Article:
Dear Mom

Dear Mom,

In a few weeks, it will be eight years since you left us. Not by your own choice. I am certain you didn’t drift off peacefully but rather went kicking and screaming and fighting into the other realm…wherever and whatever that is. I bet you were pissed. To die. Knowing you, I am sure you were pissed.

So I have been thinking about you a lot lately. I’ve always thought of you but lately,  I have been thinking about you in a new way, a more peaceful way, reflective I suppose.

You know when you cook something and you can’t really taste it? You are too in it. The ingredients are too much a part of you and when you taste it, it’s always the same, you don’t notice the taste of it. You have to call someone into the room to taste it and tell you what’s missing?

Yeah, I am comparing grief to cooking. It’s a stretch, I know. That’s how my brain works. I blame you.

But losing you was too much for me to understand. I certainly felt the loss. Every single day. Some days I felt it so much, I was so in it…I couldn’t grasp what I was feeling. I couldn’t “taste” the loss…it was so much a part of me.

But lately, I have been grasping, deeply, the loss of you.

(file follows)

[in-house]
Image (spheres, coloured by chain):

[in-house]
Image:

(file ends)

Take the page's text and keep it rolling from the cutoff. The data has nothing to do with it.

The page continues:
I have been needing.



Only you.

Only the thing which you possess.

Stay with me and I will try to illustrate exactly what I am trying to say.

There is a thing that a good mom provides.

Now, let’s be honest. You weren’t always a “great mom”. You made some mistakes. Some of your mistakes were gigantic. I am not mad at you. I am 44 years old. I get your journey, your imperfections, and I forgive you completely. I know you did your best. I know it with all of my heart.

But here is why I know, now, eight years later that you were truly a good mom.

Because I need a soft place. I need a place where I will always be welcome. Where I can go, and be comforted, loved, cared for. I need to go to a place where I can crawl up, rest my head, pour out my heart, let down my defenses and just be. I need that thing. That place. That comfort. That safeness. That acceptance.

I need that love.

That only a mother can provide.

(Maybe Dad’s provide that too but that hasn’t been my experience.)

I will be ok, Mom.

You made me strong. I will survive without it. I will. Absolutely.

But I miss it. I miss that “thing” that you provided…that I didn’t even know you were giving me.

I was too in it when you died. I couldn’t “taste” it. Back to the cooking analogy again.

But I taste it now. I feel it now.

That loss. That need that cannot be filled.

For my mom.

Mine. My place. My safe place.

Because giving that to your kids is what defines a good mom.

Not whether you volunteer at the PTA, or cook from scratch, or breastfeed, or never lose your temper, or remember to sign permission slips, or are always emotionally or physically available, or never ignore your kids when you should be paying attention, or all the other the other things we moms put pressure on ourselves to accomplish and label ourselves failures for not doing.

It’s really this. This thing. This impossible to describe thing even when using a bad cooking analogy.

This mom thing.

This safe place. This comfort. This acceptance. This soft place where you are welcomed and loved and supported.